A Novel Approach to Synthesize the Evidence on Analgesic Adjuvants for Postoperative Pain

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Based on the best available evidence, which analgesic adjuvant is best for a particular patient to optimize postoperative pain control? For example, how much opioid sparing will the administration of intraoperative intravenous acetaminophen afford for a typical bariatric patient at Penn State Hershey or University of Utah Medical Centers? With patients and surgical procedures across the United States as diverse as species in the rain forest, this can be a difficult question. Often randomized controlled trials (RCTs) yield varying estimates of the clinical effectiveness of analgesic adjuvants. Contradictory results of RCTs, seemingly at random, leave clinicians baffled. Doleman et al1 in the study “Baseline morphine consumption…” propose an ingenious new solution to solve this riddle.1 They synthesized the evidence for morphine dose reduction with adjuvants by controlling for baseline risk (morphine consumption) across surgical procedures and patient populations. They postulate that with their novel approach, local audit data could be used to predict the expected average reduction in morphine consumption for any analgesic adjuvant. In the same breath, they modify and perhaps toss out the established paradigm of procedure-specific pain control.
We should expect the results of RCTs to vary, even if they investigate the same intervention in a similar population. Each RCT recruits patients by a convenience sample from a local subpopulation; it is not a random sample of the entire population who might receive the adjuvant. Furthermore, by pure chance alone, each RCT has a chance to overestimate or to underestimate the effect of an intervention. Also, larger and smaller studies will lead to more or less precise estimates of the intervention effect. Meta-analysis pools available RCTs to synthesize the evidence for a more precise and robust effect estimate. This may reduce uncertainty in the face of seemingly contradictory results. However, if the results and studies are too heterogeneous, evidence synthesis may be inappropriate. Such an approach is frequently critiqued as mixing apples and oranges. Excessive between-study heterogeneity in meta-analysis raises concerns that the included studies are clinically and methodologically too different, making pooling all identified RCTs unreasonable. In the face of substantial between-study differences in results, we should explore its possible causes.2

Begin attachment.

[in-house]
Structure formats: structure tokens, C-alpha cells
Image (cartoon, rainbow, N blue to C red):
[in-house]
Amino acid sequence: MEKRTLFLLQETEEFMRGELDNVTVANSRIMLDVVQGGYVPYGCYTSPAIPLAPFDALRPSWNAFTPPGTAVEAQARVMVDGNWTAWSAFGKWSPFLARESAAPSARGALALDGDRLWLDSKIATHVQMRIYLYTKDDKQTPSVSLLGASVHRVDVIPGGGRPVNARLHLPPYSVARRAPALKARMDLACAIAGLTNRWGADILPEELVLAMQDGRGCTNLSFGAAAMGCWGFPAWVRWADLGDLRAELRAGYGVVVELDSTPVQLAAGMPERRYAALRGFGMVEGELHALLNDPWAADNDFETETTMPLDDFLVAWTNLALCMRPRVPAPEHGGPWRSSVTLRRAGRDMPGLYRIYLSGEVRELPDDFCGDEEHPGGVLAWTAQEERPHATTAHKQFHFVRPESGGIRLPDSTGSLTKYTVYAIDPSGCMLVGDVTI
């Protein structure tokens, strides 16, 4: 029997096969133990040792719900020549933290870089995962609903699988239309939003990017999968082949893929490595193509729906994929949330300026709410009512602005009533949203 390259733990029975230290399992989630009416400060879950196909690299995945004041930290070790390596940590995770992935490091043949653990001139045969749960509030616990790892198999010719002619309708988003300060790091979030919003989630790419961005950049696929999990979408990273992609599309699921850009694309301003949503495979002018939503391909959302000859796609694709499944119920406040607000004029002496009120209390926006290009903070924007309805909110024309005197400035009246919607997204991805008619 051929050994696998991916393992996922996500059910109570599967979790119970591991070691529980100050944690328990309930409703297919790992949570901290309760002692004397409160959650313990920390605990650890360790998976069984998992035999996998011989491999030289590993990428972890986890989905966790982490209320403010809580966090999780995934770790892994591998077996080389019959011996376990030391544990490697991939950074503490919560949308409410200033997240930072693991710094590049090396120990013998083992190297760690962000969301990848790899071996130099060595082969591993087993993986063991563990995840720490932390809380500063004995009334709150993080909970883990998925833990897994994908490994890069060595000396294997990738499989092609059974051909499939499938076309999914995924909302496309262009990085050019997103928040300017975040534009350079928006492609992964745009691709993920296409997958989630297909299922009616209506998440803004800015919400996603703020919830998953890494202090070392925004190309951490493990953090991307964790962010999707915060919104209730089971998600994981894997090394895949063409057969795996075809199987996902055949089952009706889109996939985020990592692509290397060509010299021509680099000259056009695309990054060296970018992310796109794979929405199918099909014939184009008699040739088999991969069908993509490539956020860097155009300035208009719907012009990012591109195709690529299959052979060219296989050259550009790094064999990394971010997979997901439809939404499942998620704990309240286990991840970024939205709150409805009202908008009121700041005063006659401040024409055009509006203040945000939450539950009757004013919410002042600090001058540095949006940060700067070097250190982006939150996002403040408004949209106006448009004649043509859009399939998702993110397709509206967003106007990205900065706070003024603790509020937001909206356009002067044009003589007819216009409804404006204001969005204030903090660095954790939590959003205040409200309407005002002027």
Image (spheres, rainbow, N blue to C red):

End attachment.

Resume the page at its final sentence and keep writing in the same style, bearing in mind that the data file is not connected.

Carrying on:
One approach to explain why RCTs yield contradictory results is to group studies by surgical intervention. Stratification by surgical intervention makes clinical sense because between-study heterogeneity may be smaller within each stratum. This led to the current paradigm of procedure-specific pain control3: it is expected that different surgical procedures cause different amounts of pain. Populations undergoing different interventions for different diseases may vary in how they respond to pain, in their comorbidities, pharmacokinetics, etc. Clearly, a population of elderly men after thoracotomy for lung cancer will differ from a population of young women after cesarean delivery. It follows that postoperative pain control should be tailored to the specific surgical intervention and the particular population. While this seems intuitive, it drastically reduces the number of available studies for clinical decision-making for a particular patient population undergoing a particular procedure. For example on thyroidectomy, Doleman et al1 found only 1 single RCT investigating the effect of intravenous acetaminophen. Pooling only studies on a particular procedure limits the number of studies available and hence poses a significant challenge to any evidence-based approach to procedure-specific postoperative pain management.
A second approach to explain differences in results between RCTs is to control for baseline risk.4 For studies investigating adjuvants for improved postoperative pain control, investigators frequently use the mean difference in morphine dose between those receiving and those not receiving the adjuvant to estimate the effect.
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